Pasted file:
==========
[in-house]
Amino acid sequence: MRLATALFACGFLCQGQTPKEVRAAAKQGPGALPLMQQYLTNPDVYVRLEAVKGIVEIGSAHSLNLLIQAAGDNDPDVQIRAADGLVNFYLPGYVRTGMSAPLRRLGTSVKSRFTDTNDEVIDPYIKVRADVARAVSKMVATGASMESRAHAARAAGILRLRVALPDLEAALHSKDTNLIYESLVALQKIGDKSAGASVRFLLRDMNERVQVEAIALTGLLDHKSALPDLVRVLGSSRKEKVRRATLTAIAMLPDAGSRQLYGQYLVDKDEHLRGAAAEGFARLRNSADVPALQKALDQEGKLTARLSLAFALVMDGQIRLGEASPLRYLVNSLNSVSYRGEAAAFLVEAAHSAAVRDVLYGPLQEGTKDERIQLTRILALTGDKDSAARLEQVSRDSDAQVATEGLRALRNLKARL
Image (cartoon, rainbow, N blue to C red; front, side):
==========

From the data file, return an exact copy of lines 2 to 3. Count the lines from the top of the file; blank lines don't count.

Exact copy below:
Amino acid sequence: MRLATALFACGFLCQGQTPKEVRAAAKQGPGALPLMQQYLTNPDVYVRLEAVKGIVEIGSAHSLNLLIQAAGDNDPDVQIRAADGLVNFYLPGYVRTGMSAPLRRLGTSVKSRFTDTNDEVIDPYIKVRADVARAVSKMVATGASMESRAHAARAAGILRLRVALPDLEAALHSKDTNLIYESLVALQKIGDKSAGASVRFLLRDMNERVQVEAIALTGLLDHKSALPDLVRVLGSSRKEKVRRATLTAIAMLPDAGSRQLYGQYLVDKDEHLRGAAAEGFARLRNSADVPALQKALDQEGKLTARLSLAFALVMDGQIRLGEASPLRYLVNSLNSVSYRGEAAAFLVEAAHSAAVRDVLYGPLQEGTKDERIQLTRILALTGDKDSAARLEQVSRDSDAQVATEGLRALRNLKARL
Image (cartoon, rainbow, N blue to C red; front, side):